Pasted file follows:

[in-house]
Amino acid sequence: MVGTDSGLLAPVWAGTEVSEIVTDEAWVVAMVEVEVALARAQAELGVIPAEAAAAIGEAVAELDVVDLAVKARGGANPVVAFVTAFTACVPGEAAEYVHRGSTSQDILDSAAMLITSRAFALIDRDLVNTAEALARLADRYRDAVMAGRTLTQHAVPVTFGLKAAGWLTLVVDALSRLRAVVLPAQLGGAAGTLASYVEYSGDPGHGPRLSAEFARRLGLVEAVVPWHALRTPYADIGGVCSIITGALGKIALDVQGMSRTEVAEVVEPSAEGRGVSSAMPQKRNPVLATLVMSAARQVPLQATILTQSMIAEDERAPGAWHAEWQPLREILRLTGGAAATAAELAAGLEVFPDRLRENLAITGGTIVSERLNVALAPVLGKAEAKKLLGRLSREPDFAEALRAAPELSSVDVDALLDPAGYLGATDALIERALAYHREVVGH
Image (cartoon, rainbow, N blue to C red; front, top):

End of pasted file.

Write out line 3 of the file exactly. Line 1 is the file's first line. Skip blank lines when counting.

Image (cartoon, rainbow, N blue to C red; front, top):